[Noisebridge-discuss] Laser Cutter

Corey McGuire coreyfro at coreyfro.com
Sun Jan 9 13:58:13 PST 2011


The $8k zing is a great unit.  Evil Mad Scientists Laboratory owe a lot of
their bidness to one.

Seriously, it's better than the unit Techshop started with (an old, used,
buggy, and poorly supported Epilog from the 90's) and their unit was able to
handle all the laser cutting needs for their first year.  If the zing is
better than this work horse, then we won't really want for more.

On Sun, Jan 9, 2011 at 1:48 PM, Josh Myer <josh at joshisanerd.com> wrote:

> On Sun, Jan 9, 2011 at 1:18 PM, Corey McGuire <coreyfro at coreyfro.com>wrote:
>
>> These cut, too.  There are vector operations and raster operations.
>> Raster operations engrave, vector operations cut.
>>
>> A 25W laser is more than enough for cutting acrylic of a sizable
>> thickness.  Beyond this thickness, you have focusing problems that effect
>> all lasers.
>>
>> Cutting metal is not the best application for laser tools unless we spend
>> SERIOUS money.  Metal is hard for laser cutting because when metal melts, it
>> becomes very reflective.
>>
>> As far as what brand to use, as much as I hate to sound the "Noone gets
>> fired for buying IBM" trumpet, I think it applies here.
>>
>> There is a lease option that I would like to make people aware of.  It
>> means the equipment isn't ours, but it also means we don't have the large
>> initial investment, and we can get service as part of the contract.
>>
>>
> I went through all the hoops to purchase an Epilog Helix 60W laser cutter
> about a year ago, before I heard TechShop was coming to town (business
> model: rent time on a known-good, reliable cutter).  Once I found out they'd
> be here, with lots of Epilogs, I turned down the financing I'd already
> received.
>
> The standard Epilog "lease" is not a true lease.  It's only a "lease" for
> tax purposes (because it's a lease, a business can deduct the whole rental
> fee as an expense, instead of taking the standard IRS depreciation schedule,
> probably six years unless you're creative).  Then, at the end of the term,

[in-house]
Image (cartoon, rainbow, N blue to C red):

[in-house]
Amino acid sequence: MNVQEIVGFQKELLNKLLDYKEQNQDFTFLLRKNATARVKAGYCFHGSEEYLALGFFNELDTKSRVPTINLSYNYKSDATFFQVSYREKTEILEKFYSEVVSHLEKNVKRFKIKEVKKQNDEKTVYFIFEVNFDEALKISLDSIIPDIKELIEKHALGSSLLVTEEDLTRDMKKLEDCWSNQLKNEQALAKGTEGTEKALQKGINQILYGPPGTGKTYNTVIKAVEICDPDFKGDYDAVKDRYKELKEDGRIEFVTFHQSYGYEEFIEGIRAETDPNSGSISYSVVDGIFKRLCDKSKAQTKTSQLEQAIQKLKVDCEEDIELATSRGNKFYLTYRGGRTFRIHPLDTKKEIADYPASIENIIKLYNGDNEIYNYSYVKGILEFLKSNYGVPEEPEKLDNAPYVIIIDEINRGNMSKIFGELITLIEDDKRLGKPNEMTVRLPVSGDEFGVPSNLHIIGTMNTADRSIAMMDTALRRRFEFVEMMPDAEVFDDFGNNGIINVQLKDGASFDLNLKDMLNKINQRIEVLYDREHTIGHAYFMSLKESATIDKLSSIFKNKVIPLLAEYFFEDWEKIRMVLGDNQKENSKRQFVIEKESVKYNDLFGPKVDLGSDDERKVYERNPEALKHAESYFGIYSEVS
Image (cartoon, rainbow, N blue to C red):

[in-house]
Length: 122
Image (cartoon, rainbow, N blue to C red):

> you can "buy" your laser cutter for some non-trivial amount of money
> (~$10k), to satisfy IRS requirements for the lease.
>
> If, at any point, you decide to walk-away, they only deduct the
> now-depreciated value of the laser cutter as a payment, and you owe the sum,
> including interest (as you pay down interest before capital, as with most
> loans).
>
> The rates they offer are okay, but I don't expect Noisebridge to get a
> better deal than I/Applied Platonics was going to (~10% with the largest
> down payment, ~33%).
>
> Shannon's specific proposal is to get a 2k$ item in the space ASAP, instead
> of trying to organize ~$25,000 for the lowest-end Epilog that's worth
> buying.  (FWIW, $25k is a sizable percentage of all the money NB has _ever_
> spent).
>
> This is a Good Idea.  If we get together 2k$ for a quasi-toy engrager, we
> can talk about moving up a few steps, but until we have that money on the
> barrelhead, we're clearly not going to get any further.
>
> (And, as for burning the place down: all you have to do is leave it
> unattended.  A laser cutter is an enclosed space with lots of fresh airflow,
> containing lots of fuel.  It's easy to go from little tufts of smoke to
> serious fire quickly, and if you're not watching it, that can get out of
> control just as fast.  This is something everyone took Very Seriously when
> talking about cutters, even little 30W toys.)
> --
> Josh Myer 415.230.9791 <-- NOTE: New number!
>  josh at joshisanerd.com
>
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